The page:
Installing Fiber Strain Sensors
Eric E. Sanborn, P.E.
Director, Engineering and Production
In this first part of a two part post we will describe how a fiber optic strain sensor compares physically to a conventional foil gage sensor and how it can be bonded to a simple coupon. In the second part we will explore instrumenting complex parts and structures.
Luna’s ODiSI sensing solution can replace hundreds or even thousands of foil gage strain sensors with a single optical fiber. Foil gages are the industry standard method for measuring strain in a structure and are available in many different configurations and sizes. In a foil gage the strain measurement is converted into a resistance change in a pattern of thin electrical conductors. The strain measured by the foil gage is an average of the strain over the length of the gage. This length is called the gage length. The gage length is one of the parameters used to select the foil gage and is fixed by its geometry.
Our strain sensing fiber measures strain axially along the fiber, but the gage length is a system configurable parameter. While this parameter can be adjusted differently on different ODiSI systems, for the purposes of this discussion a gage length of 5 mm [.197 inch] will be used. This is very close to a common gage length size of ¼ inch or 6.35 mm. In the ODiSI this strain measurement is continuous down the fiber, so over a given meter of fiber there will be 200 strain readings; each representing the average strain over a 5 mm increment of the fiber.
Fiber optic sensors can be bonded using the same type of adhesives common for foil gages. Like with foil gages, the decision on the bonding agent depends on the purpose of the test and the environment to which the sensor will be subjected. For coupon testing or for a short-term test, a Cyanoacrylate based adhesive like Micro Measurements’ M-Bond 200 product allows for rapid installation and curing. For high humidity, wider temperature, high strain, or long term stability, an epoxy is a better choice. We often use AE-10 and GA-2, both products of Micro Measurements. GA-2 has the added benefit of being black, which helps the path of the small fiber stand out visibly on a structure.
To instrument a coupon the fiber must be run parallel to the desired measurement axis. The surface should be prepared per the instructions of the adhesive manufacturer, just like with bonding a foil gage. For most structures this involves sanding with a fine sand paper and cleaning with an acid and neutralizer. For something like a cast part, a different adhesive system may be required or more surface preparation in order to provide the correct surface finish.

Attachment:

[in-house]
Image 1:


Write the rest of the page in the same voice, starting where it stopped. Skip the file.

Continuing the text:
Once the surface is prepared the fiber can be laid across the coupon and held in place temporarily with tape. We recommend Kapton tape dots. They hold the fiber, are small, and can be removed easily with tweezers leaving no residue. Once the fiber is routed, tap the fiber to ensure it is in contact with the surface. If the fiber is not in contact, the Kapton dots should be repositioned until the entire length of the fiber desired for strain measurement is in contact with the surface. For a coupon one would typically use a Cyanoacrylate based adhesive. A cotton swab can be used to apply the adhesive. Place a drop of adhesive on the swab and then lightly drag down the length of the fiber. You will only cover a few centimeters [an inch] at a time, but you should still be able to bond about 1 meter per minute. You want to use as little adhesive as possible; it should be nearly invisible once cured. Within a few minutes the adhesive should be cured. At this time the Kapton dots can be removed and adhesive can be applied where the dots were. Once these spots have cured the coupon can be used.
A “Getting Started Kit” is shipped along with every ODiSI instrument. This kit includes everything required to bond your first strain sensor including the Cyanoacrylate adhesive, Kapton dots, tweezers, sand paper, alcohol pads for cleaning, and a section of fiber to practice with. The kit also includes a 1 meter ODiSI strain sensor and a 1 meter ODiSI temperature sensor. The video below shows some of the contents of the getting started kit along with process of bonding a fiber to a simple aluminum coupon.
In a future post we will cover the steps for planning and installing a fiber strain sensor on a large or complex structure.